What I have noticed in my time being incredibly active in politics is the increasing amount of worry and fear that has been radiating off the Right. They are afraid that they were the last generation of conservatives. They fear that free markets and our basic human rights are soon to head out the door.

But I am here to tell them, they are not the last wave of conservatism.

As I walked into the Midwest Regional Conference hosted by Turning Point USA (TPUSA) a couple weekends ago, I saw all I needed to see. One thousand college-aged conservatives, mingling around the room proud in their country and displaying their “Socialism Sucks” shirts.

One thousand does not sound like a lot, but each came from their college chapter representing another three or four students. Then, on top of that there are all the students on college campuses to afraid to say anything, and then there are those who simply are out of college or couldn’t come. This was only for the Midwest as well. There are numerous amounts of conferences hosted by TPUSA around the United States every year.

This was just one.

There is a new wave of conservatism that is coming, and I promise that we will not let our parents and grandparents down. We have already begun to speak out against the radical Left, that has left behind what our country was founded on.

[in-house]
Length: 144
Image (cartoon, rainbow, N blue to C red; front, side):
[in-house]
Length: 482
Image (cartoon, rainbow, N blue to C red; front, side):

We have grown tired of the ways of conservatives have always sat back and never spoken too loud. They have fought back in votes, petitions, and talk shows. This new wave is strong, and know that in order to fight back we have to be just as loud. It has begun already with organizations like Campus Reform, Lone Conservative, and Turning Point USA. All rooted in capitalism, free markets, and our civil liberties and rights.

We are here to fight for America, and to keep our lives and generations to come safe. We will not let the Left take away our defense, our speech, and the rest of what makes America, America. Because if we do, where else will we go?

What happened to the America I loved? It is still here and is here to stay.

What happened to the country that fought for liberties, not against them? It is still here and is here to stay.

What happened to my country? The radical Left happened.

What happened? They have made the young conservatives angry, and oh boy, will they regret that.

Cover Image Credit: aimeecustis / Flickr